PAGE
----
hemophilia

Copay accumulators keep assistance from drug manufacturers from counting towards a patient's deductible.
The Aids Institute

Lauren Killgore first learned about her health insurance company’s new policy at the beginning of 2017, when her husband, a 26-year-old hemophiliac, had an internal bleed in his knee. 

When Landon Morris was diagnosed with hemophilia shortly after birth, his mother, Jessica Morris, was devastated. "It was like having your dreams — all the dreams you imagined for your child — just kind of disappear," she recalled.

Hemophilia, a rare bleeding disorder caused by a gene mutation that prevents blood from clotting properly, is typically passed from mother to son. Morris' grandfather had it, and she remembered hearing how painful it was. "It was almost like he was bubble-wrapped," she said. "He was coddled, because his mom didn't want him to get hurt."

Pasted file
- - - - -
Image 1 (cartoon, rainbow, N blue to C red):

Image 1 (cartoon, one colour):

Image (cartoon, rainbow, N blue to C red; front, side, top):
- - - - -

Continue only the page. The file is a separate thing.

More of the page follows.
Hemophiliac patients participating in the Medicaid program could have more options for treatment in Florida this year. 

The Florida Agency for Health Care Administration wants the federal government to allow three companies to provide care for patients with the rare blood-clotting disorder. 

While hemophilia is rare, treating it is expensive: an average of more than $130,000 a year for each patient. There are just 183 patients on Medicaid with hemophilia, but treatments for those 183 patients cost $24 million.